Website and user account security are two top concerns of WordPress administrators the world over. Unauthorized access can lead to multiple losses, including loss of reputation, loss of proprietary data, as well as financial and operational losses. In some instances, it could also lead to legal action being taken against you.
While username and password combinations have long been the de-facto authentication standard, as systems and networks continued to develop, they no longer remained adequate to protect user accounts. Because of this, something was needed to improve WordPress user login security.
In effect, several technologies were developed, including smart cards and fingerprint readers; however, these do not necessarily translate well to web applications such as WordPress. Something that is just as secure yet flexible was needed – which is what 2FA is all about.
2FA, which is short for Two-Factor Authentication, implements two authentication factors during a login process. By having two factors instead of the traditional one, we are adding an extra layer of security. This extra layer of security is further strengthened by requiring two different authentication factors to gain access to a system and its resources.
What is an authentication factor?
An authentication factor is a way (factor) through which a user can authenticate themselves. While there are different factors available (which is how we can have two-factor authentication), a password, for example, is an authentication method that belongs to the ‘Something you know’ factor. Many are also familiar with smartphones that use fingerprint or face recognition to authenticate users. This is another authentication method known as biometric authentication that belongs to the ‘Something you are’ factor. There are a total of 5 authentication factors. These are:
- What you know
- What you have
- What you are
- What you do
- Where you are
When we use 2-factor authentication, we are essentially using two of these five authentication methods.
Let’s have a look at what each of these authentication factors entails.
What you know
This authentication factor is perhaps the one we are familiar with the most. It includes knowledge we have such as passwords, PINs, and security questions and answers. Here, it’s essential to understand that password security itself plays an essential role with WordPress passwords security plugins, ensuring that the password is not easy to crack or guess.
What you have
Through this authentication method, we need to prove we have something, such as a smartphone. In turn, the smartphone might have an app that gives us a unique password, which we input into the login screen, thus proving it’s in our possession. OTPs (One Time Passwords) belong to this category.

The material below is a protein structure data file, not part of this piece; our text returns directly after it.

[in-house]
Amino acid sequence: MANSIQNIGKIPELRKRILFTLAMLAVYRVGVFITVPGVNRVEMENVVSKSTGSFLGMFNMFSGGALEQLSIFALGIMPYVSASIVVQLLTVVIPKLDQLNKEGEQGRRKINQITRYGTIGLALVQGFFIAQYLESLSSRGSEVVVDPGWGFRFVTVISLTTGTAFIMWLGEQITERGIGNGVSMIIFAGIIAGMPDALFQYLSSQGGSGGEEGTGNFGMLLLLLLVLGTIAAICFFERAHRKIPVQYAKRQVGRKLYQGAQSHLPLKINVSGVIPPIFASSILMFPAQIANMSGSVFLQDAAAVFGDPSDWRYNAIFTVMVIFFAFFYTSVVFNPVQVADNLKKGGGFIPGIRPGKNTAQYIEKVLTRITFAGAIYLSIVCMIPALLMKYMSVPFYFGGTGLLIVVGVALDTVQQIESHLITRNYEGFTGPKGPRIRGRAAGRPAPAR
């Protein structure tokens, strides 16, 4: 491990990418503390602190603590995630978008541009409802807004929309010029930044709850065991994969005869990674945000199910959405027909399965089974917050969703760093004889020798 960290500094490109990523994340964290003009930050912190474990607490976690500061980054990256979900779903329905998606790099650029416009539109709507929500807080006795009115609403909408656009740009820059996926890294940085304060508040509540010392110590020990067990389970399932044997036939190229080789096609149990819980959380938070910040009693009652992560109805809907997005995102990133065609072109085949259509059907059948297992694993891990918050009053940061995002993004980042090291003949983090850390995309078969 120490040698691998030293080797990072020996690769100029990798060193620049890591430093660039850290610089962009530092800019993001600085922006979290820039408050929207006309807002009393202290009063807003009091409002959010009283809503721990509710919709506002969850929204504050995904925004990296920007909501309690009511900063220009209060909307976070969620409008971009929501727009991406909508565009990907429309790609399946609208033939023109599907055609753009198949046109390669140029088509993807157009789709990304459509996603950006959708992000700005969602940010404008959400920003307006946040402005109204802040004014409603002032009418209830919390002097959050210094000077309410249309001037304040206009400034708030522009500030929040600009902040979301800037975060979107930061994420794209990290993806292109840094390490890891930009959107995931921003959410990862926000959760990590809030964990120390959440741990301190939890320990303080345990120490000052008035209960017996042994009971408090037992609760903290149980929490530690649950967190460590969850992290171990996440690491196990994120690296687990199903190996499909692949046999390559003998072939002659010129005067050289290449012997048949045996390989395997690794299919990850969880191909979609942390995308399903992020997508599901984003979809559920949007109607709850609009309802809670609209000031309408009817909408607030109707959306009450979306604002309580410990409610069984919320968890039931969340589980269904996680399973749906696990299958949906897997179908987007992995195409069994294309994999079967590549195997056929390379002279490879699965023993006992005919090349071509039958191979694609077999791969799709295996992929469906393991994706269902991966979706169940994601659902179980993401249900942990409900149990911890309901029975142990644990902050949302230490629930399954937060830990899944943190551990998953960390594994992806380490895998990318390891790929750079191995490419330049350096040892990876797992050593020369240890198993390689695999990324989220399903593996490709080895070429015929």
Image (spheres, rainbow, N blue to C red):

What you are
Through this authentication method, a user must prove who they are. Factors in this category include biometric authentication such as fingerprints, face, voice, and others. Some authenticator apps implement this security check before providing the OTP.
What you do
This one is not very well-known, but has been included in Windows since Windows 8. Through this authentication method, we need to do something such as a specific gesture or touch. Unfortunately, dancing routines are not something that’s accepted yet.
Where you are
This authentication method uses factors such as geolocation data and may block login attempts coming from an irregular area or country. This is often used by banks who, for example, block card purchases that originate from areas outside your usual zones.
The beauty of 2FA
Because we are combining two authentication factors, the user must know something and must have something. This makes it more difficult to impersonate that user since knowing their password is not enough; they also need to have their phone log in successfully.
While this might seem like it makes it more cumbersome for users to log in, in reality, it couldn’t be simpler. 2FA is super easy to set up and use, so the disruption is minimal for both WordPress administrators and users.
Furthermore, 2-factor authentication is becoming more widely used and can play a vital role in securing and hardening WordPress. It also inspires confidence in your users that you take their data and security very seriously, leading to higher levels of trust and continued interaction with your WordPress website.
How to enable 2FA on your WordPress website
Due to the many negative repercussions a breach might cause, adding 2FA on your WordPress website is recommended as a security best practice. The WP 2FA plugin makes it easy to enable and require 2FA on your WordPress website with no technical knowledge required – the built-in super-friendly wizard will walk you through the entire process in minutes for a stress-free experience that’s every bit as secure as they come.